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BMC Cardiovasc Disord. 2019 Jun 17;19(1):145. doi: 10.1186/s12872-019-1125-0.

Vitamin D deficiency is associated with risk of developing peripheral arterial disease in type 2 diabetic patients.

Author information

1
Department of Endocrinology, Beijing Tongren Hospital, Capital Medical University, 1 Dong Jiao Min Xiang, Beijing, 100730, China.
2
Department of Orthopaedics, Beijing Friendship Hospital, Capital Medical University, Beijing, 100050, China.
3
Department of Mathematics, School of Biomedical Engineering, Capital Medical University, Beijing, 100069, China.
4
Department of Endocrinology, Beijing Tongren Hospital, Capital Medical University, 1 Dong Jiao Min Xiang, Beijing, 100730, China. jkyang@ccmu.edu.cn.

Abstract

BACKGROUND:

The relationship between vitamin D levels and peripheral arterial disease (PAD) remains unclear. We assessed the association of serum 25-hydroxyvitamin D (25(OH)D) levels with the prevalence of PAD in patients with type 2 diabetes mellitus(T2DM).

METHODS:

A total of 1018 T2DM patients participated in this cross-sectional study. Serum 25(OH)D levels were measured and risk factors of PAD were recorded. PAD was diagnosed as an ankle-brachial index (ABI) < 0.9.

RESULTS:

The mean age of the diabetic patients was 58.59 ± 11.34 years. Of all the patients, only 20.1% had a 25(OH)D level ≥ 20 ng/mL. Compared to patients without PAD, serum 25(OH)D levels were significantly lower in those with PAD (14.81 ± 8.43 vs. 11.55 ± 5.65 ng/mL, P < 0.001). The overall prevalence of PAD was 7.7%. From the highest level (≥ 20 ng/mL) to the lowest level (< 10 ng/mL) of serum 25(OH)D, the prevalence of PAD was 2.8, 7.5 and 10.7% respectively. After adjustment for age, sex, body mass index (BMI), smoking status and season, compared to patients with serum 25(OH)D levels ≥20 ng/mL, the odds ratios of PAD in patients with a level of 10 to < 20 ng/mL and < 10 ng/mL was 3.587(95% CI: 1.314-9.790) and 5.540(95% CI: 2.004-15.320), respectively. When further considering the influence of coronary heart disease (CHD), hypertension and cerebral infarction, the ratios changed to 3.824(95% CI: 1.378-10.615) and 5.729(95% CI: 2.028-16.187), respectively. And after further adjustment for the duration of diabetes, glycated hemoglobin (HbA1c) and glomerular filtration rate (GFR), the ratios changed to 3.489(95% CI: 1.100-11.062) and 3.872(95% CI: 1.168-12.841), respectively.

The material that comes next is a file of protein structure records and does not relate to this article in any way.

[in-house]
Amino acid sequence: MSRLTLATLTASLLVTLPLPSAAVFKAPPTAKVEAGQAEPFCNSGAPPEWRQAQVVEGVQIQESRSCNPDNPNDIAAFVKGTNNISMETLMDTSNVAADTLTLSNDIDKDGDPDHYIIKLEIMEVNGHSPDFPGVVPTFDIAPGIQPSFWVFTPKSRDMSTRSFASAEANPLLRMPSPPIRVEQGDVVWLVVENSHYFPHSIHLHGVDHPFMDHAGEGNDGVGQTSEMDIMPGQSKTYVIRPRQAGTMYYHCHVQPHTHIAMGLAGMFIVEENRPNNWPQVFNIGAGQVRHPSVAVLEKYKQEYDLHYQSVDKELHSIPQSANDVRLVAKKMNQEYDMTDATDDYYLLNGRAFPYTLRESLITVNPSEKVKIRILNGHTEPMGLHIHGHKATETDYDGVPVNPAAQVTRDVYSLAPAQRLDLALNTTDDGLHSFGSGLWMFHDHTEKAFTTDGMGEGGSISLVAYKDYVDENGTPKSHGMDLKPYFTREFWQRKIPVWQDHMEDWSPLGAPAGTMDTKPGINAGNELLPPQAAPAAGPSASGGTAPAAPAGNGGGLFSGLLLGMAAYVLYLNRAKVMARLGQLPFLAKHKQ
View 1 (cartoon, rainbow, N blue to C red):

CONCLUSIONS:

Reduced serum vitamin D levels were associated with an increased risk of PAD in T2DM patients. Randomized interventive clinical studies are required to verify the effects of vitamin D supplementation on PAD.

KEYWORDS:

25-hydroxyvitamin D; Peripheral arterial disease; Type 2 diabetes; Vitamin D deficiency

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